• Ability to pay damages: Most foster parents had insufficient means to meet a substantial award of damages and were unlikely to have (or be able to obtain) insurance against their own propensity to criminal behaviour. “The local authorities which engage them can more easily compensate the victims of injuries which are often serious and long-lasting.”
  • There was no evidence to suggest that imposing vicarious liability would discourage local authorities from placing children in care with foster parents, and encourage them instead to place them in residential homes, at much greater cost. “If….. there is substance in the floodgates arguments advanced on behalf of the local authority – if, in other words, there has been such a widespread problem of child abuse by foster parents that the imposition of vicarious liability would have major financial and other consequences – then there is every reason why the law should expose how this has occurred.”

On the question of whether there was a non-delegable duty, Lord Reed, who gave the leading judgment, concluded that the proposition that a local authority was under a duty to ensure that reasonable care was taken for the safety of children in care, while they were in the care and control of foster parents, was “too broad”, and that the responsibility with which it fixed local authorities was “too demanding”.

He therefore reached the same conclusion as the Court of Appeal on this aspect of the case, although for somewhat different reasons.

Law firm Browne Jacobson, which acted for Nottinghamshire, said the ruling on vicarious liability meant local authorities were liable even though they were not themselves at fault, for injuries to foster children caused by the negligence or deliberate acts of foster parents.

In addition to predicting an increase in claims, relating to both current and historical foster placements, it warned that councils might now face the argument that foster parents should be classed as “workers” with attendant employment rights such as holiday pay and sick pay and the like.

Browne Jacobson’s Ceri-Siân Williams said: “Abuse of children is never acceptable and it is only right that the perpetrators of abuse and those who negligently allow it to happen should be held to account. But what this case was about was whether, when a foster child is abused without any negligence or fault on the part of a local authority, that local authority should nonetheless be liable for the abuse.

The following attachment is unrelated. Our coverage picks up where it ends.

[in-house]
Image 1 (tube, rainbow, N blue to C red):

“Social workers have a very demanding role and it is reassuring that, in this case, the Judge at first instance found that the social workers had not been negligent in the social work they undertook with Ms Armes or her family, and had not been negligent in the assessment, approval, monitoring, or supervision of the foster placements.

“We will now seek to work closely with Ms Armes’ representatives to resolve the outstanding issues in the case as quickly as possible.”

Peter Garsden, President of the Association of Child Abuse Lawyers and head of the specialist Abuse Claims department at claimant law firm Simpson Millar, said: "This ground-breaking decision finally imposes a legal liability on local authorities for acts of abuse committed by foster parents. This is long overdue and a welcome extension of the law to protect vulnerable children.

"Local authorities have for many years argued that they could not be held responsible for the wrong done by foster carer, despite that fact that these are contracted, paid, trained and supervised by them. If abuse was committed by a care worker in a children's home, the local authority would, however, always be held responsible. This is entirely illogical and the Supreme Court has finally recognised that.”

Garsden added: “Without doubt, we will see a ground swell of this type of cases which is only right. Justice is long overdue for those who suffered the most horrendous and crippling abuse as children, under the watch of local authorities."